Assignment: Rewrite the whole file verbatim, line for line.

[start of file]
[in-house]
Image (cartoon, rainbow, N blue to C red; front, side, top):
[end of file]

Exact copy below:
[in-house]
Image (cartoon, rainbow, N blue to C red; front, side, top):